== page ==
The devices, called optical rectennas, combine micron-scale antennas (which absorb radiation) and sub-micron diodes (which convert that energy into DC currents) to provide a promising way to efficiently harvest low-grade waste heat. Too small to see with the naked eye, their devices, say the scientists, are roughly 100 times more efficient than similar tools used for energy harvesting.
They achieve that feat through a process called “resonant tunneling,” in which electrons pass through solid matter without spending any energy. Such rectifying antennas – or rectennas – work similarly to radio antennas, but instead of picking up radio waves and turning them into sound, optical rectennas absorb light and heat and convert it into power.
“It’s like a radio receiver that picks up light in the form of electromagnetic waves,” says Garret Moddel, professor of the Department of Electrical, Computer and Energy Engineering (ECEE) and coauthor of a paper on the study.
Such rectennas could, say the scientists, theoretically, harvest the heat coming from factory smokestacks or bakery ovens that would otherwise go to waste. Some scientists have even proposed mounting these devices on airships that would fly high above the planet’s surface to capture the energy radiating from Earth to outer space.
Up to now, rectennas haven’t been able to reach the efficiencies needed to meet such goals. In the new study, however, the researchers say they have have designed the first-ever rectennas that are capable of generating power.
“We demonstrate for the first time electrons undergoing resonant tunneling in an energy-harvesting optical rectenna,” says Amina Belkadi, lead author of the paper on the research, who recently earned her Ph.D. from ECEE. “Until now, it was only a theoretical possibility.”
Study coauthor Garret Moddel adds, “This innovation makes a significant step toward making rectennas more practical. Right now, the efficiency is really low, but it’s going to increase.”
However, in order to capture thermal radiation and not just microwaves, rectennas need to be incredibly small – many times thinner than a human hair. And that can cause a range of problems, say the researchers. The smaller an electrical device is, for example, the higher its resistance becomes, which can shrink the power output of a rectenna.
“You need this device to have very low resistance, but it also needs to be really responsive to light,” says Belkadi. “Anything you do to make the device better in one way would make the other worse.”
To overcome this, the researchers’ approach relies on a strange property of the quantum realm. In a traditional rectenna, electrons must pass through an insulator in order to generate power. These insulators add a lot of resistance to the devices, reducing the amount of electricity that engineers can get out.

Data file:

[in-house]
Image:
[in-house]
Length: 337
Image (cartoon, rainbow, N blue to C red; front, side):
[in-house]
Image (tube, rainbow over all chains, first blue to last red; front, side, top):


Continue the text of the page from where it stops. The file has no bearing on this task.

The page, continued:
However, in the latest study, say the researchers, they decided to add two insulators to their devices, not just one. That addition had the counterintuitive effect of creating an energetic phenomenon called a quantum “well.” If electrons hit this well with just the right energy, they can use it to tunnel through the two insulators – experiencing no resistance in the process.
It’s not unlike a ghost drifting through a wall unperturbed, say the researchers. A graduate student in Moddel’s research group had previously theorized that such spectral behavior could be possible in optical rectennas, but, until now, no one had been able to prove it.
“If you choose your materials right and get them at the right thickness,” says Belkadi, “then it creates this sort of energy level where electrons see no resistance. They just go zooming through.”
And that, say the researchers, means more power. To test the effect, the researchers arrayed a network of about 250,000 rectennas, which are shaped like tiny bowties, onto a hot plate in the lab, and then applied the heat.
While the devices were able to capture less than 1% of the heat produced by the hot plate, the researchers say those numbers are only going to go up.
“If we use different materials or change our insulators, then we may be able to make that well deeper,” says Belkadi. “The deeper the well is, the more electrons can pass all the way through.”
The researchers say they are looking forward to the day when rectennas sit on top of everything from solar panels on the ground to lighter-than-air vehicles in the air.
“If you can capture heat radiating into deep space,” says Moddel, “then you can get power anytime, anywhere.”